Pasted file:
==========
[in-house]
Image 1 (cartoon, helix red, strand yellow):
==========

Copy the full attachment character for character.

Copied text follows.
[in-house]
Image 1 (cartoon, helix red, strand yellow):